As one of the most controversial decisions by the United States Supreme Court, Roe v. Wade has split the nation into factions in what is now a global culture war. Unlike similar conflicts in the past, however, violence between factions (at least in the United States) has been minimal. This is despite the standard Pro-Choice rhetoric, now largely symbolic and ritualized, about the inherent vicious tendencies of the "antis," as they are almost exclusively known in the mainstream media.
What is even more surprising about the effort to overturn Roe v. Wade, however, is the ineffectiveness of the political strategy and the tactics chosen to implement that strategy: public demonstrations to raise consciousness of the problem and exert pressure on Congress and the President. As Father William J. Ferree explained the proper role of such tactics in his uncompleted manuscript, Forty Years After . . . A Second Call to Battle (cir. 1984),
"The favorite 'social technique' of our own time is the 'peaceful' demonstration, especially when media coverage is likely or can be arranged. Subsidiary aspects of the demonstration are boycotts, sit-ins, organized lobbying pressures, single-issue 'advocacy' and then — crossing an invisible line which is hard to define and harder still to hold — civil disobedience, violent demonstrations, and, ultimately, terrorism!
"Despite the social intent of all such techniques, and their almost universal arrogation to themselves of the terms 'Social Justice' or 'Justice and Peace,' these techniques are all radically individualistic. There are several criteria which can be applied to test this:
"1) They are directed immediately to some specific solution already determined in the mind of the 'activist'; they are never a willingness to dialogue with other and differing opinions on what the problem really is.
"2) They are always intensely concerned with the methodologies of pressure, not with those of competence in the matter in question.
"3) They all require 'time out' from the day-to-day social intercourse of life, and raise the question of how many objects one can juggle at any one time without dropping some or all.
"4) Any 'demonstration' is by definition a demand on someone else to do something. It takes for granted that whatever is wrong is the personal work of someone else, not the common agony of all; and it always knows exactly who and where the someone is.
"All this can be summed up in the observation that the 'social activist' as we have seen them so far, is an earnest amateur by profession.
"This is not to say that such 'professional amateurism' is always wrong. It is wrong as a normal methodology. If it obeys the same principals which would permit a just war, or the insurrection against an entrenched tyrant, more power to it! But it is a hopeless and hence unjust substitute for the patient and full-time organization of every aspect of life which we have seen in the necessary implementation of Social Justice and in the now defunct techniques of 'Catholic Action.'"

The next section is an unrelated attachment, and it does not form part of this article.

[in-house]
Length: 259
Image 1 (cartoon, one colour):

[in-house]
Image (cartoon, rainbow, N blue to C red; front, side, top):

The problem, of course, is obvious. The objects of all these demonstrations are not the most effective targets. It does minimal social good (although sometimes immense individual good, such as when a life is saved) to demonstrate outside abortion clinics or in public venues, and write letters to Congress and the president.
This is because decisions such as Roe v. Wade — and, as we have seen, Scott v. Sandford and the Slaughterhouse Cases — are rooted in a profoundly flawed understanding of the natural law basis of the United States Constitution by the United States Supreme Court. A "personhood amendment" or "right to life amendment" to the Constitution would do nothing to overturn Roe v. Wade. Such an amendment would be nullified at the first opportunity, just as the Fourteenth Amendment, intended in part to overturn Scott v. Sandford, was nullified by the decision in the Slaughterhouse Cases, and just as Scott effectively nullified the Constitution itself by its redefinition of "person."
As Crosskey pointed out in his book, Politics and the Constitution in the History of the United States (1953), the words of the Constitution have been twisted to mean anything that the Supreme Court wants them to mean. This is so much so that modern constitutional scholars can claim with a straight face that "the theory that the Constitution is a written document is a legal fiction." (Charles A. Beard and William Beard, The American Leviathan. New York: The MacMillan Company, 1930, 39, quoted in Charles Herman Pritchett, The American Constitution. New York: McGraw-Hill, 1977, vi.)
How this was accomplished in the case of Roe v. Wade demonstrates graphically how the Supreme Court has wielded "raw judicial power" to the detriment of individual sovereignty, the common sense of the Constitution, and American civilization as a whole.
In the first place, it appears extremely doubtful that, had it not been for its alleged power to rewrite the Constitution, the Supreme Court had the power to make any decision at all in Roe v. Wade. It is a basic principle of U.S. constitutional law that federal courts have no power to hear moot cases — and this includes the U.S. Supreme Court. As one source put it, "The US Supreme Court does not hear cases that are moot, hypothetical or consist of intellectual exercises. If a valid case becomes moot, they will deny certiorari, remove the case from the docket, or issue a per curiam decision declaring the case moot if they've already granted cert." (http://wiki.answers.com/Q/What_does_the_US_Supreme_Court_do_if_a_case_becomes_moot, accessed Friday, February 10, 2012)